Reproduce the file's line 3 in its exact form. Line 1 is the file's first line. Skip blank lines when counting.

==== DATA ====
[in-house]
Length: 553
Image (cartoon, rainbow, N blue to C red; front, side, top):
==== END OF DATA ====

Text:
Image (cartoon, rainbow, N blue to C red; front, side, top):